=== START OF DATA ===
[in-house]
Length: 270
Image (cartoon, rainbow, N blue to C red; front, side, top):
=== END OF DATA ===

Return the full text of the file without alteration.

[in-house]
Length: 270
Image (cartoon, rainbow, N blue to C red; front, side, top):